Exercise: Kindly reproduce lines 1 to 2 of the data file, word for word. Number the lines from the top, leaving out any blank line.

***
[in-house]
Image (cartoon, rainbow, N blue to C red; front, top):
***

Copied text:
[in-house]
Image (cartoon, rainbow, N blue to C red; front, top):